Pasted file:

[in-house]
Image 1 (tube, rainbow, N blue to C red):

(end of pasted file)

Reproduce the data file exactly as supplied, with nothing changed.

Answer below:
[in-house]
Image 1 (tube, rainbow, N blue to C red):